The Alaskan Adventure - 96 Days - 9,541 Miles

Pendleton, Oregon

Wildhorse RV Park on the Umatilla Indian Reservation

August 29 - 30

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The main reason for coming to this part of Washington/Oregon was to see
Boise Cascade's plywood and lumber mills, and Pendleton's wool mill.

The bad news is that Boise Cascade no longer gives factory tours.

The good news is that Pendleton does still give factory tours. They even allow picture taking, only asked that the pictures be taken after the tour so it would not interfere with the tour. That was very unusual, because most factories will not allow any pictures.

We arrived almost a half hour early (we forgot about Mekker time) and a special tour for two other couples was just starting and we were asked to join. Since I was the only one who wanted to take pictures, the guide took Mom and me back into the mill to take pictures where ever we wanted. And she answered more questions and gave us more information as we went. We actually had two tours. After we finished, the regular tour started and they had about 25 people in it. It would have been impossible to ask all of the questions with that large of a group. We were very lucky.

Since the demand for indian blankets became so large, this mill stopped making other products except for indian blankets. It runs 24 hours a day, 5 days a week. They add a sixth day every now and to support fluctuations in demand. It is Pendleton's only mill which produces Indian Blankets. They have many mills all over the US which make other products. I'm sure you have seen their label in wool shirts, jackets and suits.


Our site at the Wildhorse RV Park. Only 17 of 110 sites were occupied. This part of Oregon is very arid. They get very little rain and only water comes from an irrigation system supplied from the Columbia River.
They broke a record while we were here, the temperature got up to 102 degrees. We spent acouple of hours soaking in the warm swimming pool. It was the first time that we had our bathing suits on since the day we went in the hot springs in the Yukon. The time before that was in May in Florida. Mom really missed her summer!


The sign on the front of their mill.
It is the same as the label on their product.


This is the second step in the blanket making process at the mill.
The incoming wool is first washed, bleached, and dyed. Then it is put into the far end of this long machine. They have 5 of these machines side by side. Each one is producing a loosely twisted wool yarn of a different color. This machine is being cleaned and changed over to another color.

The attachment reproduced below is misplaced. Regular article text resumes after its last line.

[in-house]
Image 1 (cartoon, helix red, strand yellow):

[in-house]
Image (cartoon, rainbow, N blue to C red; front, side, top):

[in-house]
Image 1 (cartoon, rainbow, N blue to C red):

You can see all of the aqua colored wool fuzz being removed.


This is an identical machine as the first. It is making orange yarn.
We were able to walk down the side and watch the dyed wool being dropped into a hamper and fed into the far end. This machine keeps combing and combing the wool until it is a very thin blanket of fuzz. This blanket moves into a spinning section which separates the blanket into strips and a loosely spins the yarn on sets of bobbins which are shown here.


There are 8 of these machines. They take the bobbin sets from the first machine and transfer the yarn to individual bobbins each holding 1 pound of yarn. In the process of transferring the yarn it is spun much tighter.

After this step the 1 pound bobbins are placed in an oven and baked at (?) degrees for (?) hours. That is part of the details they will not give out.


5 pound bobbins which are ready for the weaving machines.
After being removed from the oven, the 1 pound bobbins are placed on another machine which transfer the yarn to larger 5 pound bobbins. During the transfer the machine automatically checks the yarn for thickness, removes out of tolerance sections, and combines enough yarn from 1 pound bobbins to make a 5 pound bobbin.


Our guide explaining the operation of the automatic weaving machine.
They have 6 of these older models which make a blanket every 20 minutes. And 4 newer models which make a blanket ever 10 minutes. They have yarn being fed from all different directions. It takes a long time to set up, but once they start, they run for days with only minor stops to add more 5 pound bobbins.
Everything is computer controlled. A memory chip is sent from their design group which contains the pattern being woven.


This is the front of a weaving machine.
You can see the roll of uncut blankets.
The blur on top is yarn being fed into the machine.
The panel on the right is the computer control and display.
There is no operator needed. The machine senses every strand of yarn and stops the machine when a strand breaks or empties.
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